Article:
UNITED STATES DISTRICT COURT NORTHERN DISTRICT OF INDIANA SOUTH BEND DIVISION UNITED STATES OF AMERICA v. ERIK SOLANO ) ) ) ) ) Case No. 3:11-CR-050 JD (Related Case No. 3:13-CV-327 JD) OPINION AND ORDER Now before the Court is Defendant Erik Solano’s Motion to Vacate under 28 U.S.C. § 2255. [DE 39.] The Court previously appointed counsel for Mr. Solano [DE 41], received briefing, and held an evidentiary hearing regarding the timeliness of the petition [DE 58]. For the reasons stated below, the Court concludes that the petition was, in fact, untimely. The petition is therefore DISMISSED. I. Procedural History and Facts Mr. Solano was indicted in April 2011 on three counts related to cocaine distribution. He was represented throughout the proceedings in this Court by his retained attorney, Andre Gammage. Mr. Solano pled guilty to Counts 1 and 3 of the Indictment, with the benefit of a written plea agreement, after which the Probation Office completed a Presentence Report. The Presentence Report calculated the drug quantity attributable to Mr. Solano based, in part, on an interview he had given to ATF agents. During the interview, Mr. Solano admitted to agents that he had taken approximately thirty trips to Chicago in order to purchase large amounts of marijuana (forty pounds each trip). Mr. Solano objected to the drug quantities contained in the Presentence Report; in the objection, he admitted that he had made those statements to agents, but claimed that he had been lying when he made the statements. Instead, Mr. Solano claimed that he had only taken one trip to Chicago and purchased 25 pounds of marijuana. Mr. Solano was sentenced on October 21, 2011. During the course of the sentencing hearing, Mr. Solano testified in support of his objection to the presentence report. The Court concluded that Mr. Solano’s testimony was not truthful, and so did not award him any reduction in his offense level for acceptance of responsibility. His offense level was also increased for obstruction of justice. Mr. Solano was sentenced to 168 months of imprisonment (at the low end of the advisory Guidelines range), to be followed by a term of supervised release of three years. Towards the end of the sentencing hearing, Mr. Solano was advised by the Court that he had waived his appeal rights as part of his plea agreement. Mr. Solano stated that he understood that waiver. The judgment was filed on October 26, 2011. Mr. Solano claims to have told Mr. Gammage at the end of the sentencing hearing to file a notice of appeal, since Mr. Solano disagreed that he should have received any “extra time” based on his testimony at the sentencing hearing. Mr. Solano also claims that Mr. Gammage told him he would come see him at the St. Joseph County Jail in two weeks. Mr. Gammage did not visit Mr. Solano at the jail and no notice of appeal from the judgment was ever filed. On November 1, 2011, Mr. Solano mailed a letter to Mr. Gammage from the St. Joseph County Jail. The letter expressed frustration with Mr. Gammage’s past representation of Mr. Solano. The letter did not mention anything regarding a requested appeal, but portions of the letter are consistent with Mr. Solano’s explanation of the events (“You also told me on ‘sentencing’ that you will be here to see me. . .”). In addition, Mr. Solano wrote that he would be hiring a new lawyer, filing a disciplinary complaint with the bar association regarding Mr. 2 Gammage’s representation, and further accused Mr. Gammage of accepting drugs as retainers. The letter stated that Mr. Solano was “not expecting [Mr. Gammage] to write back.”1 In early November 2011, Mr. Solano’s father contacted other lawyers to take-over the representation of Mr. Solano. His father paid one such lawyer—Ronald Strojny of Cicero, Illinois—to review Mr. Solano’s case. Mr. Solano learned from his father that Mr. Strojny contacted Mr. Gammage regarding the case. His father relayed to Mr. Solano that Mr. Strojny had said nothing could be done regarding an appeal because of Mr. Solano’s appeal waiver in the plea agreement. Mr. Strojny never visited Mr. Solano, mailed anything to Mr. Solano, or spoke directly with Mr. Solano. Mr. Solano did attempt to contact Mr. Strojny by phone on one occasion, but did not reach him. After Mr. Solano arrived at his designated institution in West Virginia in mid-December 2011, he began trying to contact Mr. Gammage by phone with the intent to ask about the status of his appeal. Mr. Solano estimated that he personally called Mr. Gammage’s office about ten times, over the course of several months. Mr. Gammage’s staff did not accept the phone calls from Mr. Solano. Mr. Solano’s wife also called and visited Mr. Gammage’s office “a number of times.” No evidence was presented regarding the specific number of times his wife visited the office, but in each interaction with Mr. Gammage’s staff she indicated only that her husband wanted to talk with Mr. Gammage without indicating why. Mr. Gammage’s staff told her that Mr. Gammage was not there or unavailable each time she called or visited. Ultimately, Mr. Solano’s wife was never able to speak with Mr. Gammage. 1 At the evidentiary hearing, the government offered a November 9 letter from Mr. Gammage to Mr. Solano, which purports to respond to the November 1 letter. However, the letter is unsigned and there is currently no evidence that the letter was actually sent by Mr. Gammage or received by Mr. Solano. Accordingly, the Court affords no weight to the November 9 letter. The government provided no further evidence from Mr. Gammage. 3 Mr. Solano testified that he was “concerned” in December 2011, since he was not able to reach Mr. Gammage. However, he did not write any further letters to Mr. Gammage or make other specific inquiries. Mr. Solano also learned within approximately five or six months of arriving at his designated institution in December of 2011 of his ability to file a 2255 petition to allege ineffective assistance of counsel. On January 11, 2013, Mr. Solano mailed a letter to the Court regarding the status of his case and appeal. In response, the clerk’s office sent Mr. Solano a copy of his docket sheet, which showed that no appeal had been filed. After seeing that no appeal had been filed, Mr. Solano sent his wife to Mr. Gammage’s office to ask for his case file. Mr. Gammage’s assistant promptly sent the paperwork to Mr. Solano in West Virginia. Mr. Solano estimated that he received the package about a week after the file had been requested. On February 5, 2011, Mr. Solano wrote a letter to the Court requesting blank 2255 forms, which were sent to him by the clerk’s office. He deposited his 2255 petition in the mail on April 15, 2013. No filings (including any request for an extension of time to file the 2255 petition) were received between the February 5 letter and the 2255 petition. II. Discussion Mr. Solano seeks to vacate his conviction under 28 U.S.C. § 2255, which permits a court to vacate a judgment where “there has been such a denial or infringement of the constitutional rights of the prisoner as to render the judgment vulnerable to collateral attack.” 28 U.S.C. § 2255(b). Specifically, Mr. Solano argues that he was denied his right to the effective assistance of counsel, as guaranteed by the Sixth Amendment, because Mr. Gammage failed to properly advise him regarding the sentencing impact of relevant conduct and the potential consequences of any challenge at sentencing to relevant conduct. 4 However, section 2255 contains a limitations period and in order to be eligible for relief a petitioner must timely file his petition. In this case, there are two distinct timeliness considerations. The first is when the one-year statute of limitations period should begin to run. Mr. Solano’s petition was deposited in the mail on April 15, 2013. Therefore, if the clock began to run on April 15, 2012, or later, the petition is timely. If the clock began to run at some time before April 15, 2012, then there is a second question that must be addressed: whether at least some period of that time is excused by equitable tolling. Ryan v. United States, 657 F.3d 604, 607 (7th Cir. 2011) (“When a limitations period starts and whether it is later equitably tolled are two different questions.”). The Court addresses each question in turn. A. Start of Limitations Period Section 2255 has a one-year statute of limitations, which begins to run from the latest of four events: (1) the date on which the judgment of conviction becomes final; (2) the date on which the impediment to making a motion created by governmental action in violation of the Constitution or laws of the United States is removed, if the movant was prevented from making a motion by such governmental action; (3) the date on which the right asserted was initially recognized by the Supreme Court, if that right has been newly recognized by the Supreme Court and made retroactively applicable to cases on collateral review; or (4) the date on which the facts supporting the claim or claims presented could have been discovered through the exercise of due diligence. 28 U.S.C. § 2255(f). Neither subsection (f)(2) nor (f)(3) are applicable in this case. Mr. Solano’s judgment was filed on October 26, 2011, and no direct appeal was taken. Therefore, for the purposes of subsection (f)(1), Mr. Solano’s judgment became final when his 5 time to file a notice of appeal expired on November 9, 2011. Clarke v. United States, 703 F.3d 1098, 1100 (7th Cir. 2013) (“the sentence did not become final until the deadline for filing a notice of appeal expired”). Whether subsection (f)(4) applies, and when it would trigger the start of the limitations period, requires more discussion. That subsection starts the limitations period from “the date on which the facts supporting the claim or claims presented could have been discovered through the exercise of due diligence.” The claims raised in Mr. Solano’s petition are two-fold: (1) Mr. Gammage was ineffective in negotiating the plea agreement, since he failed to adequately advise Mr. Solano as to the scope of relevant conduct under the conspiracy count and (2) Mr. Gammage was ineffective at sentencing, since he objected to the relevant conduct which caused Mr. Solano to lose his acceptance of responsibility as well as gained him obstruction of justice. One might question whether the cause of his enhanced Guidelines range was the objection to relevant conduct or Mr. Solano’s perjurious testimony. In any event, the facts supporting these claims were, by his own admission, known to Mr. Solano at the time of his sentencing. Mr. Solano testified at the evidentiary hearing that he immediately thought (at the conclusion of the sentencing hearing) either what the Court or Mr. Gammage had done was wrong, and knew immediately that he had lost acceptance of responsibility and that his offense level had been increased for obstruction of justice. Additionally, Mr. Solano knew at the time of sentencing whether Mr. Gammage had advised him of the possible consequences of his testimony. It should be noted that the failure to file the notice of appeal is not the basis of any claim in the petition and is argued only in support of equitable tolling. Therefore, whether or not a notice of appeal had been filed is not a “fact[] supporting the claim or claims presented” by Mr. 6 Solano. 28 U.S.C. § 2255(f)(4); Gregory v. United States, No. 3:08CV482-1-W, 2008 WL 4980397, at *1 n.3 (W.D.N.C. Nov. 24, 2008) (“Because Petitioner does not raise an ineffective assistance of counsel claim for failure to file a direct appeal in his Motion to Vacate, this Court has not analyzed his statute of limitation issue under §2255[(f)](4) as the discovery of his counsel’s failure to file an appeal is not a fact supporting a claim asserted in the Motion to Vacate.”). Instead, Mr. Solano’s ineffective assistance claims rely only on the advice given to Mr. Solano during the plea negotiations and leading up to the sentencing hearing, the impact of which was known to him upon completion of sentencing. Accordingly, subsection (f)(4) does not delay the start of the limitations period on these claims. Therefore, the limitations period began for Mr. Solano’s two claims on November 9, 2011. Since his petition was filed more than a year after that date, he must benefit from equitable tolling or his petition is untimely. B. Equitable Tolling The one-year statute of limitations for 2255 petitions is not jurisdictional, so the limitations period may be equitably tolled. United States v. Marcello, 212 F.3d 1005, 1010 (7th Cir. 2000). However, equitable tolling is “reserved for extraordinary circumstances far beyond the litigant’s control that prevented timely filing.” Socha v. Boughton, 763 F.3d 674, 684 (7th Cir. 2014); see also Marcello, 212 F.3d at 1010 (“the threshold necessary to trigger equitable tolling is very high, lest the exceptions swallow the rule.”). A petitioner is entitled to equitable tolling “only if he shows (1) that he has been pursuing his rights diligently, and (2) that some extraordinary circumstance stood in his way and prevented timely filing.” Socha, 763 F.3d at 683. The burden is on the petitioner for both points. Id. 7 Here, the Court finds that at least initially Mr. Solano did diligently pursue his rights. The Court assumes for the purposes of this analysis that Mr. Solano did, in fact, instruct Mr. Gammage to file a notice of appeal. After sending a letter to Mr. Gammage on November 1, 2011, presumably terminating his representation, Mr. Solano began calling Mr. Gammage about six weeks later when he arrived at his designated facility in West Virginia. Mr. Solano’s wife also called and visited the office on several occasions. Those actions may have initially been reasonably diligent. See Ryan, 657 F.3d at 607–08 (“a reasonable prisoner may take at least two months . . . to suspect that counsel has dropped the ball, contact counsel or the court, wait for a response, and verify the suspicion.”). However, it should have been apparent to Mr. Solano quickly thereafter that other steps were necessary to determine the status of any appeal. Other facts were known to Mr. Solano during this time, which raised the need to inquire more deliberatively. During his sentencing hearing, this Court instructed Mr. Solano as to the waiver of his appeal rights, which Mr. Solano stated that he understood. So Mr. Solano should have understood his right of appeal was limited. More importantly, Mr. Solano knew that he had sent the November 1 letter to Mr. Gammage, which stated (among other things) that Mr. Solano would be hiring a new lawyer and filing a disciplinary complaint. Mr. Solano also knew that his father had retained Mr. Strojny, that Mr. Strojny had contacted Mr. Gammage, and that Mr. Strojny had advised Mr. Solano’s father that nothing could be done because of the appeal waiver contained in the plea agreement. Under those circumstances, it should have been apparent to Mr. Solano that Mr. Gammage may not be taking any further action on his behalf. When faced with these facts and a non-responsive counsel, a prisoner who was diligently pursuing his rights would have done more than Mr. Solano did in this case. Given the inability 8 to reach counsel by phone, a reasonably diligent prisoner would have attempted other means by which to determine the status of his appeal. He could have easily written a letter to Mr. Gammage explaining the reason for his inquiry, which Mr. Solano did not do.2 Additionally, a letter to the Seventh Circuit or to this Court would have quickly uncovered that no appeal had been filed. Montenegro v. United States, 248 F.3d 585, 593 (7th Cir. 2001), overruled on other grounds by Ashley v. United States, 266 F.3d 671 (7th Cir. 2001) (“That an appeal had not been filed was a matter of public record, ‘which reasonable diligence could have unearthed.’”). Mr. Solano did not write such a letter until January 2013. The Court believes that a reasonably diligent prisoner would have done so sooner and, based on the facts presented here, within at least two months after initiating calls to Mr. Gammage. Additionally, once Mr. Solano did have the 2255 forms and his case file, he made no attempt to seek any kind of extension of time or seek additional time in the law library to quickly complete his petition. See Socha, 763 F.3d at 687. So under the facts presented here, the Court finds that Mr. Solano did diligently pursue his rights until mid-February 2014. The Court notes that even if Mr. Solano could prove extraordinary circumstances prevented his filing and, thus, meet his burden to equitably toll at least some part of the limitations period, this would still leave him about two months short of the tolling needed to make his filing timely in this case. However, there are no extraordinary circumstances in this case that prevented Mr. Solano from timely filing his 2255 petition. Findings of equitable tolling related to 2255 petitions are 2 It appears that neither Mr. Solano nor his wife ever expressed to Mr. Gammage or his staff the reason for the attempts to contact Mr. Gammage. Mr. Solano’s own calls were never accepted; Mr. Solano testified that his wife only attempted to get Mr. Gammage to answer Mr. Solano’s phone calls, without disclosing the reason that Mr. Solano was calling. Had Mr. Gammage known that the attempted communications were to ascertain the status of an appeal, he may have responded in a timely manner, as he did when he was ultimately asked to provide the case file. 9 rare and the Seventh Circuit has identified a number of circumstances that do not constitute extraordinary circumstances (at least standing alone). See Johnson v. Chandler, 224 F. App’x 515, 519 (7th Cir. 2007) (collecting cases); Modrowski v. Mote, 322 F.3d 965, 968 (7th Cir. 2000) (neither attorney negligence nor attorney incapacity is a ground for equitable tolling); Montenegro, 248 F.3d at 593 (lack of response from attorney regarding pendency of direct appeal is not a ground for equitable tolling); see also Muhammad v. United States, 735 F.3d 812, 816 (8th Cir. 2013) (lack of response from attorney regarding filing of 2255 petition is not a ground for equitable tolling). Mr. Solano argues that Mr. Gammage’s failure to file a notice of appeal and Mr. Solano’s delay in discovering that fact constitutes an extraordinary circumstance that supports equitable tolling in this case. [DE 50 at 2–3; DE 62 at 1–2.] Various courts have considered the effect of a counsel’s failure to file a notice of appeal on the timeliness of a 2255 petition, but those discussions are most often in the context of when the limitations period should begin to run under 28 U.S.C. § 2255(f)(4). See Ryan, 657 F.3d at 607–08 (the determination of when a prisoner should have discovered the lack of an appeal is a fact-intensive inquiry; “at some point, the reasonably diligent prisoner will contact counsel, ask how the appeal is going, and either receive an honest response or infer from counsel’s silence that something is amiss (and then follow up with the court).”); Montenegro, 248 F.3d at 593; Wims v. United States, 225 F.3d 186, 191 (2d Cir. 2000) (“the five-month delay between September 1997 and February 1998—one year before Wins sought habeas relief—is not so clearly unreasonable that it plainly appears from the face of appellant’s petition and supporting papers that he is barred from habeas relief.”); Anjulo-Lopez v. United States, 541 F.3d 814, 819 (8th Cir. 2008) (holding a reasonably diligent 10 person in the inmate’s circumstances would have discovered within three to four months that no appeal had been filed). Those cases that addressed the issue universally rejected the notion that a petitioner’s delay in learning of the absence of an appeal is an extraordinary circumstance justifying equitable tolling. Montenegro, 248 F.3d at 593 (“[Petitioner] argues that the barriers he faced in learning that his appeal had not been filed constitute extraordinary circumstances . . . . [Petitioner’s] circumstances do not rise to this level.”); see also Muhammad, 735 F.3d at 816 (addressing attorney non-responsiveness as to the filing of a 2255 petition; “We do not condone attorneys failing to respond to letters or phone calls; however, in this case, [the attorney’s] actions do not constitute an ‘extraordinary circumstance’ that prevented [the petitioner] from timely filing his section 2255 motion”). By comparison, in one recent case—Socha v. Boughton—the Seventh Circuit did find extraordinary circumstances present in a case involving an otherwise untimely habeas petition. 763 F.3d 674 (7th Cir. 2014). That case had many unique circumstances compared to the average request for equitable tolling. The petitioner had made repeated requests to his former counsel to send the petitioner’s case file, which was necessary to develop his ineffective assistance and Brady arguments; he also made attempts to get alternate counsel. However, even despite repeated requests to turn over the petitioner’s file, his former counsel either did not respond or did not comply with the request. Eventually, the petitioner received the file through the intervention of the attorney’s supervisor. The Seventh Circuit distinguished these facts from “garden variety neglect of a client” and found that this was “a rarer instance where the materials necessary to conducting one’s legal affairs were being unjustifiably held by a person who had no ability to use them.” Id. at 686. When the petitioner did receive the file, he was in segregation 11 with substantially limited access to the law library. Finally, the petitioner did file a request to extend the deadline to file within the time to file his petition and a district judge granted the extension (although a later district judge disagreed with the decision to grant the extension). In all, the Seventh Circuit found that the petitioner in Socha faced “nearly insurmountable” hurdles. Id. Mr. Gammage’s actions fall far short of the extraordinary circumstances the Seventh Circuit found warranted equitable tolling in Socha. Here, Mr. Solano made a series of phone calls to Mr. Gammage (approximately ten over the course of many months, though the calls were not accepted by his office and no reason for the call was communicated) and his wife similarly called and visited the office. At most, Mr. Gammage’s misconduct was failing to accept or respond to those calls. The Court finds that Mr. Gammage’s conduct neither rises to the same level as the attorney’s conduct in Socha nor otherwise presents an extraordinary circumstance that prevented Mr. Solano from filing a timely petition. In Socha, the attorney had absolutely no basis to fail to return the client’s file and Socha had no other alternative by which to obtain the information he needed to file his 2255. Here, Mr. Gammage may well have had legitimate grounds for failing to return the phone calls. The November 1 letter, in which Mr. Solano stated he was filing a disciplinary complaint and hiring a new lawyer, can easily be read to state that he was firing Mr. Gammage. Any belief by Mr. Gammage that he had been terminated would be further supported by later contact from Mr. Strojny, who Mr. Solano’s father had retained to at least consult on the matter.3 Moreover, there is no evidence to suggest that Mr. Gammage had any idea about the 3 Additionally, assuming that Mr. Solano instructed Mr. Gammage to file a notice of appeal, Mr. Gammage may have mistakenly believed that the November 1 letter relieved him of any duty to file an appeal on Mr. Solano’s behalf. 12 reasons for Mr. Solano’s calls. And most notably, Mr. Gammage’s office turned the file over to Mr. Solano promptly upon request. Instead, the facts in this case are more comparable to those presented in Montenegro and Muhammad. Like in Montenegro, whether or not an appeal was pending was available in the public record; additionally, Mr. Gammage was never explicitly asked about the status of any appeal, either in the November 1 letter or in the calls and visits to his office (in which no purpose was specified). Montenegro, 248 F.3d at 589. Like in Muhammad, there was no burden on Mr. Solano other than the inability to reach counsel and nothing stood in the way of him using alternate means to monitor the status of his case. Muhammad, 735 F.3d at 816. Even if what Mr. Gammage had done was improper, under these circumstances the Court finds it to be a “garden variety” error, which does not warrant equitable tolling. Irwin v. Dep’t of Veterans Affairs, 498 U.S. 89, 96 (1990). Considering the record as a whole and the cumulative effects on Mr. Solano’s ability to file his 2255 petition, the Court finds that Mr. Solano has not met his burden of proving that there were extraordinary circumstances that prevented the timely filing of his petition. At best, Mr. Solano may not have realized that the time was approaching in which he needed to file his petition, even though he acknowledged in his own testimony at the evidentiary hearing he was aware early on about his ability to file a petition. But that is not sufficient. Robinson v. United States, 416 F.3d 645, 650 n.1 (7th Cir. 2005) (“a mistaken understanding about the deadline for filing is not grounds for equitable tolling.”). For these reasons, the Court finds that equitable tolling is not appropriate in this case. Mr. Solano has not shown that an extraordinary circumstance beyond his control prevented timely filing. And with respect to diligent pursuit of his rights, his initial diligence was for an 13 insufficient period of time to make the filing timely. In any event, diligence alone is not enough to support a request for equitable tolling. Accordingly, there is not a sufficient basis to equitably toll the statute of limitations for Mr. Solano’s petition and the petition is untimely. In light of the Court’s holding on the timeliness of the petition, the Court need neither address nor receive evidence on the merits of Mr. Solano’s contentions of ineffective assistance or whether the petition is barred by the waiver contained in his plea agreement. IV. Certificate of Appealability Rule 11 of the Rules Governing Section 2255 Proceedings requires that the Court “must issue or deny a certificate of appealability when it enters a final order adverse to the applicant.” A certificate of appealability may be issued “only if the applicant has made a substantial showing of the denial of a constitutional right.” 28 U.S.C. § 2253(c)(2). The substantial showing standard is met when “reasonable jurists could debate whether (or, for that matter, agree that) the petition should have been resolved in a different manner or that the issues presented were adequate to deserve encouragement to proceed further.” Slack v. McDaniel, 529 U.S. 473, 484 (2000) (quotation marks omitted) (quoting Barefoot v. Estelle, 463 U.S. 880, 893 & n.4 (1983)); see Young v. United States, 523 F.3d 717 (7th Cir. 2008) (noting that “[i]f success on a nonconstitutional issue is essential (compliance with the statute of limitations is a good example), and there is no substantial argument that the district judge erred in resolving the nonconstitutional question, then no certificate of appealability should issue even if the constitutional question standing alone would have justified an appeal”) (citing Anderson v. Litscher, 281 F.3d 672 (7th Cir. 2002)). Here, no additional argument is needed. The Court does not believe that reasonable jurists could debate the correctness of the procedural ruling that Mr. Solano filed his 2255 14 petition after the statute of limitations had expired. Additionally, the Court believes its assessment of whether the statute of limitations should have been equitably tolled is not debatable among reasonable jurists because the circumstances in this case do not justify equitable tolling. As a result, the Court declines to issue the Defendant a certificate of appealability. The Court advises Mr. Solano (and counsel) that, pursuant to Rule 22(b) of the Rules of Appellate Procedure, he may request that a circuit judge issue the certificate of appealability. That request must be made within sixty days of this order. Fed. R. App. P. 4(a); Guyton v. United States, 453 F.3d 425, 427 (7th Cir. 2006) (“the time to contest the erroneous denial of [the defendant’s] first § 2255 motion was within 60 days of the decision.”). V. Conclusion For the reasons stated above, the Court finds the petition untimely. Accordingly, it must be DISMISSED. SO ORDERED. ENTERED: December 16, 2014 /s/ JON E. DEGUILIO Judge United States District Court 15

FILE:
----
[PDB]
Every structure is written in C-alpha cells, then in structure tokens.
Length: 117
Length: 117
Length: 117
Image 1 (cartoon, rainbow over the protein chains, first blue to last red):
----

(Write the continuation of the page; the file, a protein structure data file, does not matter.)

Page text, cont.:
Disclaimer: Justia Dockets & Filings provides public litigation records from the federal appellate and district courts. These filings and docket sheets should not be considered findings of fact or liability, nor do they necessarily reflect the view of Justia.

Why Is My Information Online?